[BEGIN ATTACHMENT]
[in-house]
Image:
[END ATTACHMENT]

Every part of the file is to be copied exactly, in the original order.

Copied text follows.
[in-house]
Image: